AIA Grants and Fellowships

SITE PRESERVATION GRANT

Application Process: Applying for an AIA Site Preservation Grant is a two-step process:

  • Step 1. Submit brief inquiry via the form on the AIA Site Preservation website at any time during the year.  If inquiry is accepted, applicants will be provided with a full application.
  • Step 2. Complete and return the full application by the next deadline date.

Full Application Deadlines: October 15 & February 15

Amount: An award of up to $25,000 will be paid over a period of one to three years. Winners will also benefit from publicity for their projects through the AIA.

Purpose: The Archaeological Institute of America’s Site Preservation Grants are awarded to innovative projects that use outreach and community development alongside direct conservation to sustainably preserve archaeological sites.

Contact: Kelly Lindberg (klindberg@aia.bu.edu, 617-358-6098)

 

BEST PRACTICES IN SITE PRESERVATION AWARD

Deadline: May 1, early submission is encouraged.

Amount: $5,000 to the winner(s) to further their best practices in site preservation. Winner(s) will also benefit from publicity for their projects through the AIA.

Purpose: The AIA’s Best Practices in Site Preservation Awards are presented to groups or projects recognized by their peers for doing exemplary work in the field of site preservation and conservation.

Nomination: Nominate deserving projects on the AIA’s website at archaeological.org/sitepreservation/awardnomination. Supplementary materials may be e-mailed to the AIA’s Site Preservation Program Adminstrator, Kelly Lindberg.

Contact: Kelly Lindberg (klindberg@aia.bu.edu, 617-358-6098)


COTSEN EXCAVATION GRANTS

Deadline:          November 1

Amount:            Two grants per year of up to $25,000 each. One grant will be awarded to a first time project director launching a new project while the second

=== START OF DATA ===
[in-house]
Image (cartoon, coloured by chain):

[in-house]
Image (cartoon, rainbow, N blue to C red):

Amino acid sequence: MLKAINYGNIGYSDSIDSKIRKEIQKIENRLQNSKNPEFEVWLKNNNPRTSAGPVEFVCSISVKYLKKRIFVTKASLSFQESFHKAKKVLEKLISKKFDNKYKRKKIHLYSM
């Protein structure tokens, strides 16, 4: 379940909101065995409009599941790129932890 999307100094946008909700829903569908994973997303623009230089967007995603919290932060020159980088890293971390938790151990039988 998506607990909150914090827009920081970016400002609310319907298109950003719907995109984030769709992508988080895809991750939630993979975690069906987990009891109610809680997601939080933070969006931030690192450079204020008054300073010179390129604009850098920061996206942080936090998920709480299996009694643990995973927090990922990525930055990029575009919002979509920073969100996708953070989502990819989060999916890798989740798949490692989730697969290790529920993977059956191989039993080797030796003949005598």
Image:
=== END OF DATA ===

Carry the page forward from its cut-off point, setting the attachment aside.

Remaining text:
will be open to all professionals working in the field.

Purpose:            To provide excavation support for professional AIA members working around the world.

Requirements:  Applicants must be AIA members in good standing and must have a Ph.D. in archaeology or a related field. Applicants normally should be the primary permit holder for the excavation. Permit must be obtained before funds are dispersed.

Restrictions: As a policy, the AIA does not provide for grant funds to be allocated to overhead costs. Funds may not be used for survey expenses and equipment, publication, or for salaries for principal investigators.

Contact: Ben Thomas (bthomas@aia.bu.edu, 617-353-8708)

 

OLIVIA JAMES TRAVELING FELLOWSHIP

Deadline:          November 1; announced February 1

Amount:            $25,000

Purpose:            For travel and study in Greece, the Aegean Islands, Sicily, Southern Italy, Asia Minor, Mesopotamia. Open to all students, but preference is given to those doing research toward a Ph.D. or who are recent recipients (within 5 years of the application deadline) of a Ph.D.  Not intended to support excavations.

Requirements:  Applicant must be a U.S. Citizen.

 

HELEN M. WOODRUFF FELLOWSHIP

Deadline:          November 1 (applications must be sent to the American Academy in Rome, see AIA website for details)

Amount:            $10,000

Purpose:   A pre- or post-doctoral fellowship for study of archaeology and classical studies has been established by the Institute at the American Academy in Rome.  This Fellowship, with other funds from the AAR, will support a Rome Prize Fellowship.